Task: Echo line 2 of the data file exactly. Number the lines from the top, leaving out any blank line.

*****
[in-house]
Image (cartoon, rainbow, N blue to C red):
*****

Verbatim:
Image (cartoon, rainbow, N blue to C red):